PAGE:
Tuesday, June 26, 2007

By Barrington Bayley

So you’re an SF fan. You want all the crazy, swashbuckling action of Dan Dare and the Intergalactic Squid Invasion but the intellectual challenge of A Canticle for St. Squidbert. Oh yeah, and the outlandish fantasy of The Unicorn Chronicles Part XLIV. Whatcha gonna do, read The Economist? How about you try Barrington Bayley, the best-kept secret of SF.

Bayley writes thinking man’s Space Opera. Instead of dryly extrapolating quantum physics, Bayley boldly posits a futuristic world where the archaic art of alchemy rules and faster-than-light travel depends on the ether wind.

Star Winds begins on a decayed Earth where the technology to travel the “Star Winds”, the solar wind that blows through space, is being lost. Rachad, a young apprentice alchemist, makes an alliance with a washed up space-captain Zhorga. Together they will travel the old trade route to Mars before it’s too late to leave the Earth. It’s a desperate gamble to re-open Earth’s trade with the stars.

They find the space lanes strewn with forgotten weapons and strange dangers. Their destination is even more peculiar. Humanity exists in scattered feudal realms under attack from an invading alien race that absorbs people into their collective mind. Rachad is tasked with infiltrating a bizarre stronghold in order to wrest away its secret alchemy for the benefit of mankind.

Alchemy? Feudal kingdoms? Sailing ships? Is this an SF story or High Fantasy? I daresay Bayley realized that SF has its roots, not in the technical reports of engineers, but the fantastic dreams of a society where magic is found in the future. But his stories aren’t simply wish-fulfillment or power-fantasies. Bayley’s characters are well-rounded and his world is vivid with amazing wonders and terrible dangers. Bayley lets us stop every so often to wonder what its all about too. He’s not content to let the scurrying lives of merchant-adventurers, ambitious princes, and mercenary captains to be their own justification. He has the ability to show us the folly of our mad scramble to our demise. Like a good alchemist, Bayley knows that the thing to be transmuted is the metal of the soul.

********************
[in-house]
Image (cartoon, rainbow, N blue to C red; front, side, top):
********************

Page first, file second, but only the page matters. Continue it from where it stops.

-Dave Hardy

Monday, June 25, 2007

By Barrington Bayley

Imagine an Earth ruled by a Fascist regime whose primary goal is racial purity. Now it finds itself being invaded from the other side of the time-stream. That’s the premise of Barrington Bayley’s novel Collision Course.

Rond Heshke is an archaeologist summoned by the Bureau of Politics to investigate mysterious ancient ruins that seem to be getting less ancient. This is a crisis because the Titans, the totalitarian party that rules the world, is based on exclusive supremacy for the whitest of whites and genocide for all “devs”. Devs are defined as sub-species of mankind that “deviate” from the Nordic ideal of “True Man”. The ruins are associated with something worse than devs, aliens from the future.

Heshke is a somewhat reluctant defender of racial purity. He has connections with folks who traffic with devs. The survivors have been penned on reservations, but their existence is more than precarious.

Meanwhile the Titans have made contact with Retort City, one of Bayley’s deliciously imagined city-states. This one is a space station, or perhaps a time station, formed in the shape of two pods joined at the center. The people of Retort have solved the problems of class warfare by separating their folk into work and management classes in the two pods. To ensure that feelings of rivalry don’t develop alternate generations of families are split and sent to the opposite pod. The folk are sympathetic to the Titans’ problems. Unfortunately they are devs from the sub-class the Titans call Chinks.